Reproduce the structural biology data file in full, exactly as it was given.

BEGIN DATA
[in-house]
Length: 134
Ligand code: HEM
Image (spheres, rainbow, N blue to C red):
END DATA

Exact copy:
[in-house]
Length: 134
Ligand code: HEM
Image (spheres, rainbow, N blue to C red):